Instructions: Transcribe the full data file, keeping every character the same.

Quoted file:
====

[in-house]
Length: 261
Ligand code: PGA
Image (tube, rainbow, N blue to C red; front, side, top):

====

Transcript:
[in-house]
Length: 261
Ligand code: PGA
Image (tube, rainbow, N blue to C red; front, side, top):